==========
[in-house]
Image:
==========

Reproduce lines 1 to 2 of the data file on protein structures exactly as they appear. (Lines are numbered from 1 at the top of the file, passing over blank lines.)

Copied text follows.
[in-house]
Image: